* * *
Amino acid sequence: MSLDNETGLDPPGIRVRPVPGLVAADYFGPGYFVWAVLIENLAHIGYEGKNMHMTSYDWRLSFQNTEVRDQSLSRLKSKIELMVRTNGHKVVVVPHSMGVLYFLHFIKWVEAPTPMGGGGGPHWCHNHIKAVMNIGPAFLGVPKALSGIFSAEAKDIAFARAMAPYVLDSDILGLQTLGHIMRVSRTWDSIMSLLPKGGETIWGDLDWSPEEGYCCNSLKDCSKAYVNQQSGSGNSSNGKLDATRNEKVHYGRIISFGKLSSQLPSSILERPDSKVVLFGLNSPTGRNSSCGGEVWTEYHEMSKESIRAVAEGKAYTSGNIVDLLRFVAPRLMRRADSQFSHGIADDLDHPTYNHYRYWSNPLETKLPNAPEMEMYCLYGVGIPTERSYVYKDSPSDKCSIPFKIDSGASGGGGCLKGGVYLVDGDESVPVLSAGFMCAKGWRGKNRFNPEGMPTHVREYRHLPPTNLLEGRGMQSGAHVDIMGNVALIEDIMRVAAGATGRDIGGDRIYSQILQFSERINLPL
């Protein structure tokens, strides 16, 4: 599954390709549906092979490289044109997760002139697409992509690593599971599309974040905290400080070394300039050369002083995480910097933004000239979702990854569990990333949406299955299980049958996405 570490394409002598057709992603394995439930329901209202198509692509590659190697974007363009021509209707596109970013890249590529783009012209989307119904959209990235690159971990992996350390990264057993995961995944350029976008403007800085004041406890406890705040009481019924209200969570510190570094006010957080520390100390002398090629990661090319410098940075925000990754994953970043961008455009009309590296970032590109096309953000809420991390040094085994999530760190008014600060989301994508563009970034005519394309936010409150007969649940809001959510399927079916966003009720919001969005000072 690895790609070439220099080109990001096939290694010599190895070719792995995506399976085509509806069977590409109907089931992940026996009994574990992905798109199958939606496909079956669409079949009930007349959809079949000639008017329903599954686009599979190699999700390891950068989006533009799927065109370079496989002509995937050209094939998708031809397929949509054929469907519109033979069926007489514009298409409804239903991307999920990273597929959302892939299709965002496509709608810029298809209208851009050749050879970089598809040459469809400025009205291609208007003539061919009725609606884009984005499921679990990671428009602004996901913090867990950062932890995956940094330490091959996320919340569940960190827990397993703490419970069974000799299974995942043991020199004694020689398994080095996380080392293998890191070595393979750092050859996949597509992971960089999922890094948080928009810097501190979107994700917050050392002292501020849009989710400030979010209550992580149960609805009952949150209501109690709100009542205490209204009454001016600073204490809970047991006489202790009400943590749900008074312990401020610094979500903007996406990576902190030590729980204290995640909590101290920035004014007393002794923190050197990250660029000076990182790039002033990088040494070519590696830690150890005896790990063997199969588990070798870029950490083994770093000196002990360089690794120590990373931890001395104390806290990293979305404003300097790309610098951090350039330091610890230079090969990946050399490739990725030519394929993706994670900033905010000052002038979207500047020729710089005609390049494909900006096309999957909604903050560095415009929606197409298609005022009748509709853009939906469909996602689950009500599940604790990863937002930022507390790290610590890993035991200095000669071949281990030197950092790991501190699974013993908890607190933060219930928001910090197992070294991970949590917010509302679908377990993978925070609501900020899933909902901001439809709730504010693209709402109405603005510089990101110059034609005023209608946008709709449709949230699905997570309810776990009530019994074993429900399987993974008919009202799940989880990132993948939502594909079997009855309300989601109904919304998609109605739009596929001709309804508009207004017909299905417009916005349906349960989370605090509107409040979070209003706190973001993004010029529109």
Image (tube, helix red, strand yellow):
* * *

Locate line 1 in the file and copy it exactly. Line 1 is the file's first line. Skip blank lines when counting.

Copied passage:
Amino acid sequence: MSLDNETGLDPPGIRVRPVPGLVAADYFGPGYFVWAVLIENLAHIGYEGKNMHMTSYDWRLSFQNTEVRDQSLSRLKSKIELMVRTNGHKVVVVPHSMGVLYFLHFIKWVEAPTPMGGGGGPHWCHNHIKAVMNIGPAFLGVPKALSGIFSAEAKDIAFARAMAPYVLDSDILGLQTLGHIMRVSRTWDSIMSLLPKGGETIWGDLDWSPEEGYCCNSLKDCSKAYVNQQSGSGNSSNGKLDATRNEKVHYGRIISFGKLSSQLPSSILERPDSKVVLFGLNSPTGRNSSCGGEVWTEYHEMSKESIRAVAEGKAYTSGNIVDLLRFVAPRLMRRADSQFSHGIADDLDHPTYNHYRYWSNPLETKLPNAPEMEMYCLYGVGIPTERSYVYKDSPSDKCSIPFKIDSGASGGGGCLKGGVYLVDGDESVPVLSAGFMCAKGWRGKNRFNPEGMPTHVREYRHLPPTNLLEGRGMQSGAHVDIMGNVALIEDIMRVAAGATGRDIGGDRIYSQILQFSERINLPL